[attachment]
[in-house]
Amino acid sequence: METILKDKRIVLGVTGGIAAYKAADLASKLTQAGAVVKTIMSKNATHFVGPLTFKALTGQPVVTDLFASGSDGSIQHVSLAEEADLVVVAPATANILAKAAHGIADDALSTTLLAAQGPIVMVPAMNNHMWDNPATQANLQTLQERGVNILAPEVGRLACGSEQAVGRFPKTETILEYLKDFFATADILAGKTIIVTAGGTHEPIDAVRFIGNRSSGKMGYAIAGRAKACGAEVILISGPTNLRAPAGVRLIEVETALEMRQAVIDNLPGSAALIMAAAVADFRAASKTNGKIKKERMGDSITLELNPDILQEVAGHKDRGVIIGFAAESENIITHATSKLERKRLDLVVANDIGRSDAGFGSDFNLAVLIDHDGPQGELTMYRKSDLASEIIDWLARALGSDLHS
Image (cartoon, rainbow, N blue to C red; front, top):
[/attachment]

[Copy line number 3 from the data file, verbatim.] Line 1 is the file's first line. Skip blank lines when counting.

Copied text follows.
Image (cartoon, rainbow, N blue to C red; front, top):